Page:Popular Science Monthly Volume 78.djvu/622

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Athens was in the possession of Italians from 1387 until it was captured by the Turks in 1458, and during that interval a few scholars visited the city. After 1450 all is darkness until 1674, when the Frenchman Jacques Carrey made his drawings of the Parthenon.

Its sculptures could hardly have been known to the men of the Renaissance. A few of the greatest statues were known to Michelangelo—the Torso of the Belvedere especially, and he declared himself its pupil. This figure was one of the chief promoters of the Renaissance in sculpture.[1]

The especial reverence for classical antiquity, which in former times so exclusively prevailed, invested every fragment of ancient sculpture, even the most trivial, with a sentimental importance. . . . The antique had comparatively little to do with the truly great Italian school of sculpture of the fifteenth century. . . . External nature, religious feeling, human character and expression, these were alike the school, and in a far greater measure than the antique, the inspiring motives, of (Ghiberti, della Querela, Donatello, Luca della Robbia, Verocchio and a long list of splendid names).[2]

Winckelmann's "History of Ancient Art" appeared in 1764, after long years of preparation. Pater says:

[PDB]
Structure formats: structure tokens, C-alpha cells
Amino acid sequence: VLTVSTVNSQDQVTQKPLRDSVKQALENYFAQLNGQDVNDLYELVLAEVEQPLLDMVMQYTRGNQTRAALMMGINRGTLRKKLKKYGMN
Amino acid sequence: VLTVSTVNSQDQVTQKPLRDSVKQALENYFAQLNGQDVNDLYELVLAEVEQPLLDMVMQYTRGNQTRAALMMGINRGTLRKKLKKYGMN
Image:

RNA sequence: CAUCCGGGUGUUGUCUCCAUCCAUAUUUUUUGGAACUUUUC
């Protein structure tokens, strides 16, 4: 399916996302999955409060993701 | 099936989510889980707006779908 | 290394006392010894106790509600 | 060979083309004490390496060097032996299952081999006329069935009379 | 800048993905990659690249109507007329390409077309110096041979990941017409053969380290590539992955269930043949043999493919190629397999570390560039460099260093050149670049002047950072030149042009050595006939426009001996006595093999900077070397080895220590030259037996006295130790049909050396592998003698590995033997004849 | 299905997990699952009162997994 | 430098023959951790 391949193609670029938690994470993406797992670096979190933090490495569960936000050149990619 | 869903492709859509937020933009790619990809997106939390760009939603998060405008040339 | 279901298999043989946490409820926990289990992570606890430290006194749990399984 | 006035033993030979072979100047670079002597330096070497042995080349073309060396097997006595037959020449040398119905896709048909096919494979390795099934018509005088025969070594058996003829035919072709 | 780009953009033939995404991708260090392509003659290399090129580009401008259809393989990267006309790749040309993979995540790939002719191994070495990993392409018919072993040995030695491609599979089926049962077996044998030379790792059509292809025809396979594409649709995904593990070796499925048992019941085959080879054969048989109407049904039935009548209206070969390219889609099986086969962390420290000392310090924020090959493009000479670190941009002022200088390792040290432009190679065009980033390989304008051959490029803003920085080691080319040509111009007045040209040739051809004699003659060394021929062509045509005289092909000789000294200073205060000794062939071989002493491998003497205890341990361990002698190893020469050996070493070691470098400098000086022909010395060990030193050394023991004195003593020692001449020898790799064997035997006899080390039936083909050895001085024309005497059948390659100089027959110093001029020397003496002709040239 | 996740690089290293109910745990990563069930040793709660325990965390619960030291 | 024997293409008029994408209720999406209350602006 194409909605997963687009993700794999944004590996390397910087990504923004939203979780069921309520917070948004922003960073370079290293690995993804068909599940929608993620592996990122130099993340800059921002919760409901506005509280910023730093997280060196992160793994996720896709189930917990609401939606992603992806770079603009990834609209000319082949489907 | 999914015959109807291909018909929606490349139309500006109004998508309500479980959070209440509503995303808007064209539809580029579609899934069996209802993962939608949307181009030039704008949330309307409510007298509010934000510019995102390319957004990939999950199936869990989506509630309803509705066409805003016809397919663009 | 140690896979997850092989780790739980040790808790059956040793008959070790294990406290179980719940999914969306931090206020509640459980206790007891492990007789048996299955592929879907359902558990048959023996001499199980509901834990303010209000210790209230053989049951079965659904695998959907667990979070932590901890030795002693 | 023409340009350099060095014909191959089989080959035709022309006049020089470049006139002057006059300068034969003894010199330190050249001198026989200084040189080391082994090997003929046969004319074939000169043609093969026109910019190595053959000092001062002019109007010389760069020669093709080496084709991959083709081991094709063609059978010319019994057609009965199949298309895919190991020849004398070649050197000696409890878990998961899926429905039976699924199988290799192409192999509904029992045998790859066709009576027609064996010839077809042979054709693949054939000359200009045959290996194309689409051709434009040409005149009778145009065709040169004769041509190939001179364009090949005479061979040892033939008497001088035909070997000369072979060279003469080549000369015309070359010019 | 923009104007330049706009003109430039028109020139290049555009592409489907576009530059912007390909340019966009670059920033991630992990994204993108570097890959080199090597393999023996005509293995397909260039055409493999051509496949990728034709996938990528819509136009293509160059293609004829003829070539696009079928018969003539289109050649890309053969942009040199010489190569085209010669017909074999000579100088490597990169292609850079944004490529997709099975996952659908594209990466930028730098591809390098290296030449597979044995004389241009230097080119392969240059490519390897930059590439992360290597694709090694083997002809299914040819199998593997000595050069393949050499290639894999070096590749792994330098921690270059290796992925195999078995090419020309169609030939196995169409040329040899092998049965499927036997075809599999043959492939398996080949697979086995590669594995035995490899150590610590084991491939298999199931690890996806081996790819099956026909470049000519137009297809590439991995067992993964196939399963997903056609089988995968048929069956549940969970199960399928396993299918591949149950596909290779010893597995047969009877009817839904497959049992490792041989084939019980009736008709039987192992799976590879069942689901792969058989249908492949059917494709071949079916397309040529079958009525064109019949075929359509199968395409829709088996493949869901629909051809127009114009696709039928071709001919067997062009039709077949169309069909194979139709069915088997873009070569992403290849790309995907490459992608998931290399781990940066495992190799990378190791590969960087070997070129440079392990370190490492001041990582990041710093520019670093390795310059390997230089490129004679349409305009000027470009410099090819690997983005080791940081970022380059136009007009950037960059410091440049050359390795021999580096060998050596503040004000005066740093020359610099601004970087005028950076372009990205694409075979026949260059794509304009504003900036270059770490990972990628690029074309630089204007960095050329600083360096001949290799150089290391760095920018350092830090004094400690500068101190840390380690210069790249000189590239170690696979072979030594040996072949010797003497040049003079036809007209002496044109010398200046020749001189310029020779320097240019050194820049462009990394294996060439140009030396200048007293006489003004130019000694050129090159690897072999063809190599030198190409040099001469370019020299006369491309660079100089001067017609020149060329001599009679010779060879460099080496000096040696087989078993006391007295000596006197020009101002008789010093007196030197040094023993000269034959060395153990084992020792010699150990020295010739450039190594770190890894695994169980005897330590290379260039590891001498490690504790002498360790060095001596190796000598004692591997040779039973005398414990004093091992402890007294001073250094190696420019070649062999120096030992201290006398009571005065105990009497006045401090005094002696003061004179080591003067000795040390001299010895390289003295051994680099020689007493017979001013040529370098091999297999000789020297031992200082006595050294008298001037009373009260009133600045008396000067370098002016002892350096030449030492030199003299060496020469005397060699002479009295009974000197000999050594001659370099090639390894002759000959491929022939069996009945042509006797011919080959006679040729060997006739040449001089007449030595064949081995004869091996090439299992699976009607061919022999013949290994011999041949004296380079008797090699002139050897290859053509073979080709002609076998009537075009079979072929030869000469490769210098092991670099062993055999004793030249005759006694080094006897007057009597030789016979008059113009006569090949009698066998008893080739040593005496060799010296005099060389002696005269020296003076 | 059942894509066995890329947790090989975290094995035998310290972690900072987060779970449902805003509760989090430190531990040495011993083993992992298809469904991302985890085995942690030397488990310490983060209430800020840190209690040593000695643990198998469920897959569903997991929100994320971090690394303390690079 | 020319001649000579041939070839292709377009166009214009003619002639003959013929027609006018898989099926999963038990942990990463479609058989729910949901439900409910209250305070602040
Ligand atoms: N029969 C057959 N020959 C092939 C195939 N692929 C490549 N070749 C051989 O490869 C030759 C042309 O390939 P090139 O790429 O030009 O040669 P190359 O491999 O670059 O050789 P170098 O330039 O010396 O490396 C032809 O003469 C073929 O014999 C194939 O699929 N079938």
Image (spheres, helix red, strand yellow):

It is since his time that many of the most significant examples of Greek art have been submitted to criticism. He had seen little or nothing of what we ascribe to the age of Pheidias; and his conception of Greek art tends, therefore, to put the mere elegance of the imperial society of ancient Rome in place of the severe and chastened grace of the palæstra. For the most part he had to penetrate to Greek art through copies, imitations, and later Roman art itself . . . a turbid medium.[3]

The foregoing extracts give the true doctrine. Roman art, not Greek, furnished the inspiration of the Renaissance sculptor, speaking generally. The tables that immediately follow furnish a striking proof.

Dates at which Seventy-six of the most Celebrated Statues were Found—Unearthed

A selection was made of seventy-six of the most famous statues of Greece, and from Mr. Edward Robinson's scholarly catalogue of the casts of the Boston Museum the dates at which these statues became known to the world were set down. The little table follows:

  1. Robinson, Boston Museum Catalogue, p. 324.
  2. "Italian Sculpture of the Middle Ages," introduction by J. C. Robinson, superintendent of the art collections of the South Kensington Museum, London (1862).
  3. W. Pater, "Renaissance," p. 205.